One of Senator Harkin’s top priorities is making a real impact on disability employment numbers. In his April 2011 keynote address at the U.S. Chamber of Commerce’s Corporate Disability Employment Summit, Harkin called on the CEOs and business owners in the audience to join him in setting the goal of increasing the number of Americans with disabilities in the workforce from 4.9 million to 6 million by 2015.

To meet this goal, Harkin has created and supported the Office of Disability Employment Policy to help eliminate barriers across the federal government to the training and employment of individuals with disabilities; pushed to strengthen the services provided to transition-age youth and young adults with disabilities as part of the Workforce Investment Act so that they have an opportunity to work in integrated settings at competitive wages as they enter the workforce; and funded a disability employment initiative at the Department of Labor which will support more effective approaches to delivering employment and training services to individuals with disabilities through the federal workforce development system.

Harkin is also seeking collaborations with business and social enterprise leaders to ensure that federal policymaking is producing real results on the ground in the form of jobs for people with disabilities. In connection with Harkin’s visit at the World Institute on Disability at the Ed Roberts Campus in Berkeley, I was given a challenge: bring together a group of social entrepreneurs for a conversation with Harkin, in order to identify novel strategies to improve employment opportunities for people with Disabilities. This is not quite Benetech’s area of expertise, but I took up to the challenge. We hosted Harkin and ten fellow social entrepreneurs at the cool space of the Hub SoMa, in the heart of San Francisco. An amazing conversation ensued, in which Senator Harkin was highly engaged.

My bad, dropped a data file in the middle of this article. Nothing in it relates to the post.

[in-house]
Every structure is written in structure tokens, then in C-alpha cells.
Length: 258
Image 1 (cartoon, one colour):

The meeting reinforced the power of the holistic approach to solving problems: we reaped a lot more great ideas as a group than we would have through individual discussions with the Senator. As example, one strong idea that came up was having staffing services and temp agencies establish benchmarks for hiring workers with disabilities. In this context, we also learned of the importance of temp agencies: it turns out that they have become one of the primary ways to embark on a career path for all people, and that this gateway to employment is especially powerful in Silicon Valley and is spreading to other areas.

Since passage of the ADA and the special education laws, we have broken down barriers, created opportunities, and transformed lives. But there is a lot more to do to ensure economic justice for all Americans. If businesses, social enterprises, the disability community, and bipartisan champions in Congress all come together, we can make it possible for many more Americans with disabilities to experience the economic self-sufficiency that comes with employment.


Mike Calvo said…
Great post Jim